Southwest Airlines said its employees will receive a record $228 million as part of its profit-sharing plan this year.
The payments, which workers will receive in September, are 88 percent more than the $121 million awarded in 2013, the Dallas-based carrier said Monday.
“We had a great year in 2013 because of their collective efforts and contributions toward Southwest’s success and profitability,” CEO Gary Kelly said.
Southwest is in tense contract negotiations with most of its unions. The carrier wants more flexibility in using part-time workers and is trying to negotiate performance bonuses instead of fixed pay increases.
“Those are the kind of things we’re trying to negotiate, where we can get the tools we need to keep our company successful, protect our low-fare brand and share the rewards with our employees,” Chief Operating Officer Mike Van de Ven told Bloomberg News recently. “We’re trying to give our employees a secure future with a lot of upside.”
Southwest noted in its profit-sharing statement that employees have received $2.5 billion over four decades in the program.
The airline is one of several with profit-sharing programs. Delta Air Lines employees received $506 million in profit-sharing in the fourth consecutive year the Atlanta-based carrier has rewarded its workers.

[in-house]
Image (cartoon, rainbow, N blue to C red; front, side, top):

Fort Worth-based American Airlines paid $85 million in profit-sharing to its workers in March, the first time in over a decade for the carrier. However, most of the airline’s labor unions negotiated profit-sharing plans out of their new contracts in exchange for pay raises and other considerations.
Shares of Southwest (ticker: LUV) closed down 24 cents at $22.51 on Monday. Shares are up almost 20 percent since Jan. 1.
Southwest’s labor costs now lead the industry after bankruptcies allowed larger competitors to restructure contracts and trim compensation. More than 80 percent of the airline’s workers are represented by unions, and talks are underway with flight attendants, pilots, mechanics, ramp workers and others.
“We are making progress every time we meet, but some of these issues are just difficult,” Van de Ven said.
In February, leaders of 12 union groups protested to Kelly after a website created by Southwest posted negotiation updates and details of existing contracts, including salary and other contract data. Southwest responded by taking down the public side of the website.
“We’ve made adjustments to the content based on initial feedback from the unions,” Southwest spokesman Brandy King said at the time.
In January, a judge rejected a request from Transport Workers Union Local 555 to bar Southwest from requiring workers to provide proof of illness when they missed work. The airline asked for the documentation after sick calls among baggage handlers and other ramp workers left the company short-handed during a winter storm in January.